To perform a USGFICB, place the patient supine (slight Trendelenburg position if tolerated) and place the US system contralateral to the extremity being blocked. This will allow the clinician to have a clear view of the US screen when performing the block. Perform a preprocedure scan of the anatomy with a linear transducer (6–10MHz) (see Figures 3A and 3B). If aberrant anatomy distorts landmarks and the proper fascial layers cannot be properly identified, consider aborting the procedure. Clean the target needle entry site and probe and make a small skin wheal with 1–2% lidocaine. Clean the area with a chlorhexidine scrub.
Nerve Block Procedures
Infrainguinal USGFICB. Place your US transducer perpendicular to the inguinal ligament at a third of the distance between the anterior superior iliac spine and pubic symphysis (see Figure 4A), with the transducer indicator oriented cephalad. After visualizing the pulsating femoral artery, locate the hyperechoic femoral nerve immediately lateral. Slide the transducer laterally to identify the sartorius muscle caudad and iliacus muscle cephalad, with the fascia lata and fascia iliaca forming a “bow tie” over the iliacus muscle. Place a skin wheal just caudal to the transducer, marking the location that the block needle will enter.
Insert the needle in-plane to provide a long view of the needle. Guide the needle below the inguinal ligament and through the fascia lata and fascia iliaca at the center of the “bow tie.” When using a blunt-tipped needle, a palpable “pop” may be felt when puncturing these two fascial layers. Once through the fascia iliaca, aspirate and then inject 2–3 mL of local anesthetic to confirm needle placement (see Figures 4B and 4C). Hydro-dissection of the fascia iliaca from the iliacus muscle demonstrates correct placement. Gently continue to hydro-dissect with 30–60 mL of local anesthetic in 5 mL increments with gentle aspirations between injections to ensure avoidance of inadvertent vascular puncture.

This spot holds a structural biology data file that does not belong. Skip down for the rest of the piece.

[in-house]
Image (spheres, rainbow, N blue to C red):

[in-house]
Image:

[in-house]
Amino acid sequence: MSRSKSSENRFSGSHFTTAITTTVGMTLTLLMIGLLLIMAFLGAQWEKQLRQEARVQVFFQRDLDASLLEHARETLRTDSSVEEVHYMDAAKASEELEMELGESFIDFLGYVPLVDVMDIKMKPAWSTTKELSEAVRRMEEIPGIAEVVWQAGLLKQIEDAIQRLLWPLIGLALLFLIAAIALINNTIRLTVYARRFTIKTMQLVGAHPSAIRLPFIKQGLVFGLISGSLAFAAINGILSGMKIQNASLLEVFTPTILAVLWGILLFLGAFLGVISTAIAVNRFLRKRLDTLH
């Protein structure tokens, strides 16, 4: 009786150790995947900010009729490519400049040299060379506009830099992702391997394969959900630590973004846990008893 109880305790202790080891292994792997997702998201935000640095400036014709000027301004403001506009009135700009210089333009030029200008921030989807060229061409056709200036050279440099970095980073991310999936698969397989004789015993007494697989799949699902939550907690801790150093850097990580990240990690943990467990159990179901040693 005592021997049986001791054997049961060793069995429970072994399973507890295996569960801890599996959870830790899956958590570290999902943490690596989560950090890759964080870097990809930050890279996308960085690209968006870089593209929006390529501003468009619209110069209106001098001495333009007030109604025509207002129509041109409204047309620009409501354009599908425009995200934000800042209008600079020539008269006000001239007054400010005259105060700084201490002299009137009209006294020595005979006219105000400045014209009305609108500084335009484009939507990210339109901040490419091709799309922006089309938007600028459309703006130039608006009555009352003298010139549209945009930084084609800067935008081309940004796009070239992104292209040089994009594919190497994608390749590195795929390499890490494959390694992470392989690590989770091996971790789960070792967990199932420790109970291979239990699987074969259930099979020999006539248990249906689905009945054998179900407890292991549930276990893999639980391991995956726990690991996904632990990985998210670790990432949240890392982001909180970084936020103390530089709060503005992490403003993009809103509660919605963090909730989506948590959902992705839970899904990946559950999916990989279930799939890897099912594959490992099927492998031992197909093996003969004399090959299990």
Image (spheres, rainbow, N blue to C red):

Suprainguinal USGFICB. Place the transducer just superior and parallel to the inguinal ligament (see Figure 5A). Slide the transducer medially to visualize common sonoanatomy (eg, femoral vein, femoral artery, and femoral nerve). Slowly move the transducer laterally to visualize the sartorius muscle overlying the iliacus muscle. Place a skin wheal just lateral to the transducer, marking the location that the block needle will enter. Insert the needle in-plane from lateral to medial, visualizing the needle in long axis. The needle should course through the sartorius muscle or just superficial and sit between the iliacus muscle and fascia iliaca, lateral to the neurovascular bundle.15 Once deep to the fascia iliaca, aspirate and inject 2–3 mL of local anesthetic to confirm needle placement (see Figures 5B and 5C). If there is separation between the fascia iliaca and iliacus muscle, gently hydro-dissect with 30–60 mL of local anesthetic in 5 mlL increments with gentle aspirations between injections to ensure lack of inadvertent vascular puncture.